1  
int can't be checked for null, however, you can safely assign null to int in Java by casting it to Integer, for example if the check(root) method can return null then you can safely cast it to int by doing something like this: int data = (Integer)check(node); –  sactiw Oct 11 '12 at 14:06
    
@sactiw - Can you elaborate ? I'm not sure I understand what you're getting at –  Brian Agnew Jun 24 at 15:37

No. Only object references can be null, not primitives.

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2  
It's worth mentioning the Integer class which would be a better fit if the OP wants a null value. Or he could use a negative value to indicate "not found" –  Glen Feb 12 '10 at 19:13
    
then what do u do? –  user220755 Feb 12 '10 at 19:14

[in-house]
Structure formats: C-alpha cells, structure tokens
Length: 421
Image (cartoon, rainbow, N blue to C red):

1  
Use Integer instead. –  Ignacio Vazquez-Abrams Feb 12 '10 at 19:15

A great way to find out:

public static void main(String args[]) {
    int i = null;
}

Try to compile.

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11  
Actually .. The OP already found that out himself as per the last phrase in his question: it was easy to figure out that it doesn't work. –  BalusC Feb 12 '10 at 19:35
1  
For posterity nearly 4 years later- that bit was in a later edit. –  Matt Luongo Dec 19 '13 at 21:36

In Java, int is a primitive type and it is not considered an object. Only objects can have a null value. So the answer to your question is no, it can't be null. But it's not that simple, because there are objects that represent most primitive types.

The class Integer represents an int value, but it can hold a null value. Depending on your check method, you could be returning an int or an Integer.